• Start with the live NewsU webinar with Lane DeGregory on finding your voice; this starts at 2, so you need to be here; you will write a standard 400-word post with graphic, categories, hed, at least three links for next week
Poynter's online training site

Poynter’s online training site

  • Go over final project (see April 13 post) and reporting plan (optional/extra credit) which also has more on the video component
  • Look at interviewing tips, as part of that (I have a summary handout)
  • Maybe some quick video tips—more to come next week: This Video 101 from Vimeo’s Video School; two versions of the BBC 5-shot sequence: 1 and 2; anyone using a Joby Gorilla pod with iPhone adapter? external lav from audio-technica?
  • Group 4 presents on “mojo” (mobile journalism); standard blog post on this due next week as well
  • Get your Gravatar done
  • Return posts on Group3, independent journalism, and your slideshows/post
  • Finish the Canva infographic, do the Excel chart on color preferences, and the USA map and color chart in Infogram (see instructions on April 11 post)

Again, we shall see. Should be do-able, as we have next week to go over more on video, and the last two classes we can go over to Holroyd for editing (here your groups could get together and help on editing, narrative, etc.)


Final story package

Story package

Story package

The final story assignment is up on the Assignments page and also here. Note that you will begin with a reporting plan assigned April 18, and that assignment has more details about the video component. For now, take a look at what you will need, maybe track down the data, and try to schedule interviews with your expert(s).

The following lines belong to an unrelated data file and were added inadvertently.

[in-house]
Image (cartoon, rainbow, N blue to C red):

Dr. Olson’s presentation

Here are Professor Olson’s PowerPoint slides.

April 11

Another fun-filled day, I expect. Let me set down the agenda first, then we can take a look at the Assignments page to confirm where we are at.

  • Go over last week’s post
  • Remind you to try different themes if yours isn’t loading well (e.g. Morgan and Julia both did, they now load faster and they look more current); also if anyone still has the “Let the Journey begin” post, you should delete it
  • due today are the post on Group 3/independent journalism and the slideshow; Morgan mentioned that Spark may be available with Adobe Creative Cloud (CC), but the version I have in my office and in H-167 do not have that installed
  • Presentation by Dr. Olson on Media Law Online; as before there will be a post due next week, with the same requirements:
    • at least 400 words (this is down from 500)
    • include at least one Tag or one Category for each
    • have a compelling title or headline (downstyle = cap only first word and proper nouns), catchy lede, and conclusion (see the three blogging links from Websitebuilder, SmartBlogger and copyblogger; you should return to these throughout the semester) a photo or graphic as you see fit, and at least three links; here’s another link on good blog posts from Melyssa Griffin


  • Group 4 (Julia, Stephen, Buck) presents on Mojo; Julia is ill, but we will expect Stephen and Buck to do the presentation; post on this also due next week, requirements as above
  • Did you bring a photo? Time to update your profile, which will also mean that you are linked to Gravatar or you can do the update right in Gravatar which is now linked to WordPress (it should show up in our next app)
  • We will listen to the audio/podcasts and check the posts
  • On to Canva to make an infographic; see my demo on Emerging Tech Blog/Tech Stuff—it’s embedded via a link to Canva. We will